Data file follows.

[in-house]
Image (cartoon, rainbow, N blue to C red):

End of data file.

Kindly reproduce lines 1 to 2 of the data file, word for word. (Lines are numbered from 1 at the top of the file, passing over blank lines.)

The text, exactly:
[in-house]
Image (cartoon, rainbow, N blue to C red):